Irene LaFrance lives a simple life that may have contributed to her longevity.
LaFrance celebrated her 105th birthday at the Delta Conference Centre on Saturday.
“When you say simple life now a lot of people don’t know what it means,” she chuckled. “I raised a big family and I was doing all the work, the baking…it was a very simple life on the farm, milking cows and taking care of the family.”
Lafrance grew up on her father’s farm in northern Alberta and was the oldest of 12 children.
Times were different then, she cooked, cleaned and helped her family do chores, baking bread once or twice a week on the farm in LaFond. Gardening was a pastime she continued until she was 97.
“She always made her food from scratch,” said daughter Michelle LaFrance, adding Irene was living by herself at 97.
Irene married her husband, Charles LaFrance on Oct. 28, 1937, and had 10 children. They left the farm in 1956, which she said was a change for her afterward.
“Now you know, the farms are not the same. Of course, my parents were farmers and that’s what it was,” said Irene.
In her lifetime, she has lived through two world wars, and vast changes in technology. But she’s always been someone who takes life as it comes.
“I’m kind of a person who goes with the times I’m a simple person so I was always taking life as it came… I’m not one to judge life.”
She remembers listening to the household’s first radio. Her favourites were the French stations.
“I was French when all that was happening. Eventually, I had to learn English and I had the hardest time.” Irene learned English in her 50s, as her father was from Quebec.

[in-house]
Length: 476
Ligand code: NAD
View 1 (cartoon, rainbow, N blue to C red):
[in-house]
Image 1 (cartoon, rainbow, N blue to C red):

“That’s when we started mixing with the English people, my husband knew English,” she said. “But me, it took me a while to catch on.”
With the times of television, she took no interest, as there was “work to do in the house,” she said.
Irene said moving from place to place was difficult. Her husband wanted to leave Alberta so they gave up the farm and spent time on Vancouver Island before moving to Kelowna in the 1970s.
“I remember the first time we moved to Kelowna and there were orchards everywhere,” said daughter Michelle. “We used to come here for holidays from Alberta when we were young. Dad thought it’d be nice and warm.”
Irene admits her memory isn’t as good as it used to be, sitting with a quiet demeanor. She never drove a car, taking her scooter out for coffee, and spent her time knitting and crocheting until recently.
Michelle said she was always quite humble.
“I’m not a person for big parties,” said Irene.
Her birthday party had guests from across B.C. and a few relatives from the U.S. to make up 120 attendees. Irene sat and greeted each one by the door.
“(I get to) see the families live far away and I don’t see them that often, a lot of them I might not recognize.”
Irene was born on April 13, 1912, a day before the sinking of the Titanic.
Irene has been living in the Missionwood Retirement Resort for the past six years, spending her time reading and completing crosswords.